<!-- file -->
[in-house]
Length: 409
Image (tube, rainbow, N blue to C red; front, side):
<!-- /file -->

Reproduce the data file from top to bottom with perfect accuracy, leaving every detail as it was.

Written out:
[in-house]
Length: 409
Image (tube, rainbow, N blue to C red; front, side):